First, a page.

Documentary film reveals slave-like conditions behind South African wine labels, but is it doing the cause a disservice?
Picture credit: Bitter Grapes, Tom Heinemann 2016
The appalling slave-like work conditions and lax labeling standards by WIETA are portrayed in a recent film Bitter Grapes (#BitterGrapes, @bittergrapes2016) by acclaimed Danish documentarian Tom Heinemann. In the film he’s calling for the Scandinavian supermarkets to live up to their corporate social responsibility efforts as well as leaving me and you with the hasty message about “choose your wine responsibly”. The film’s pointed finger bothers me. Tom, I want to do something, but you give me no life vest and leave me drowning in the so-called bitter South African grapes with no better slave saving advice than “choose responsibly”. The storytelling seems antiquated and its gun-slinging efforts remind me of brash filmmakers like Michael Moore.
Indiscriminate finger pointing
Dear Tom, maybe you should have looked to films like Before The Flood that offers solutions and concrete actions to a much more complex issue rather than resort to finger pointing, which most likely will do disservice to the noble cause of fighting slave-like condition in the South African wine fields. As a citizen and consumer I feel left alone and unable to make an informed choice.
Is the film doing the wine workers a disservice?
It’s not easy to say what repercussions the film will have on the Scandinavian wine market, where South African wines are very popular with more than 50 million liters sold every year. Early reports talk about Supermarket chain Dagrofa having pulled products from one of the winery’s mentioned in the film: Robertson Winery. According to the same report retailers Spar, Meny and KIWI have stopped imports of Robertson’s. I’m doubtful the supermarkets social responsibility efforts will help me separate the wheat from the chaff. They seem more worried about their earnings making rushed decisions that will most likely harm the workers they’re intended to help. The South African wine makers attempt to make their case and defend their reputation through a letter published by VinPro, a service organization for 3500 South African wine producers, just added more gasoline and suspicion to the burning wine barrels instead of being more frank about the bitter seeds (excuse the pun) in the industry as well as guiding me towards the responsible one’s.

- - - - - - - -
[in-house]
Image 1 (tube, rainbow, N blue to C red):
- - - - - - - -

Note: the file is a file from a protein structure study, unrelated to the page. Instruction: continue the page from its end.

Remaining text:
Here’s what you can do – and what Tom should have done
These issues are always complex like the working conditions for textile workers in Bangladesh, but it’s important to remember what sticks after we watch news like these. In the one minute you spend by the wine aisle in the supermarket, the echoing voice of Tom Heinemann: “slave, slave, slave” might be enough to push you away from choosing a South African wine. It’s an indiscriminate boycott, which will harm all farm workers and makers. Other cases like the VW emission cheat shows people have memory like a gold fish and sales will rebound, but it’s still to early to tell. I believe in people and their ability to choose responsibly if given an informed choice.
So dear Tom, here is what you should have done. Rather than lumping all South African wine makers together indiscriminately you could have used some of those 60 minutes or for that sake the rolling end credits to celebrate those who make wine responsibly, so I can vote with my wallet and shape the future of the South African wine industry and help dreams come true for young workers like Siyabuela, portrayed in the film: “My dream is like everyone’s dream. To have a car and a proper home with a wife and everything. To have a proper job that can pay you a living salary, so you know that at the end of your life your family will benefit.” You can help Siyabuela’s dream come true. My end credits goes to the wine makers in South Africa that’s carrying the Fairtrade label securing workers a fair pay and fair working conditions. Drink responsibly – and if you’re still up for it watch Bitter Grapes with a good conscious here.